Rick, meanwhile, has collected his wits, and uses his boss new weapons to launch a massive counterattack on the horndog spies who are mesmerized by the TV. They’re startled to realize Rick’s even still alive, and they return fire. Rick returns their return fire, and crashes in through the front of their ship, while the three of them eject in an escape pod. Rick pokes around inside the ship for a moment, and sees that all the video monitors are set on the pageant. He looks at it for a second in confusion, and then the ship blows up. The spies report that they escaped, and took out the enemy fighter, but all their recordings were lost.
Rick drifts around unconscious in a crippled fighter.
Minmei wins the contest in an upset, defeating the movie star, much to the star’s obvious displeasure.
Rick wakes up to find Minmei won, and the closing narration informs us that Rick is aware Minmei is entering a world he can’t follow.
First and foremost, this episode is funny as hell. The show’s always had a wry sense of humor, but this is the first full-on comedic one they’ve done. Which isn’t to say it’s all cheap gags and slapstick, because it’s not. It’s character-based humor, and there’s even one really dramatic pulse-pounding scene, but it’s mostly funny.
In particular, the scenes of Rick constantly getting interrupted by Lisa, and his rapidly escalating frustration about not being able to watch the show are pretty hilarious. This is contrasted by the odd innocence of the Zentradi spies, who can’t stop leering, and can’t even begin to understand why it’s happening. And then there’s Bretai and Exidore, who watch the commercials in confusion, and decide to investigate since it must be important, or else why would they bother to transmit it? The spies trying to figure out why Minmei is wearing a swimsuit is pretty funny, too: “It must be armor.” “Then why does it cover such a small area?” “I don’t know. Perhaps those are the only areas where she’s vulnerable?” “No, it must be some kind of ceremonial uniform.”
The scene where Minmei tells the judges that she doesn’t have a boyfriend, and Rick’s reaction, is pretty priceless, too.
Ok, I’m an American and a Republican, so I’m pretty sure the Metric System is a tool of the devil, or at the very least, a tool of the French, so I might be figuring this out wrong, but they flash Minmei’s measurements on the screen during the pageant - B 80, W 58, H 87. I assumed W and H were weight and height, but if my conversion is correct that means she’s only 2’10” tall and weighs something like 116 lbs. (Wow! Dense!) I’m assuming I got that wrong: I’m assuming it means she’s got 2’10” hips, 1’10” waist, and a 2’7” chest. That translates out - from top to bottom - to 30-22-34, which seems about right, and is suitably va-va-voom. She also mentions in the American version that she’s 5’2”.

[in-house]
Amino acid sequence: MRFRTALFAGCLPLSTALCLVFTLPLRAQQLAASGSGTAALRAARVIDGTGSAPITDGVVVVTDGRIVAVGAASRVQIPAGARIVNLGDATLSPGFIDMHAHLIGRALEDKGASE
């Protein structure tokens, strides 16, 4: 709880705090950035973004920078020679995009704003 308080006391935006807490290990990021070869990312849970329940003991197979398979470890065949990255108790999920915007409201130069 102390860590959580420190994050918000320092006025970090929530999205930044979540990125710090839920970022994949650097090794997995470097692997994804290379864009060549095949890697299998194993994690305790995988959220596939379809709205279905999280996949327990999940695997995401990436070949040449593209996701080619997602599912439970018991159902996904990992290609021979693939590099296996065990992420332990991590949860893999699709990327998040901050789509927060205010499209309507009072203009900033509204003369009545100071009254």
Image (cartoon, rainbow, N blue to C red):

The last three episodes take place within a week or two of each other, the first three episodes take place on the same day, the fourth episode takes place over the course of several weeks, but, an, there's months and months between the first batch of episodes and the current one. Evidently nothing of interest happened between Saturn and Mars, and evidently it took 'em a long time to get to Mars, given how established and business-as-usual all the refugees on the ship seem to be.
There’s a nice subtle bit in both version: When the Zentradi watch the commercial we’ve seen twice already, the vocal track is jibberish. Why? Because the Zentradi don’t speak English (or Japanese), so they can’t understand it. Thus, when they’re talking among themselves, they’re not speaking our language, it’s just that we’re listening in theirs.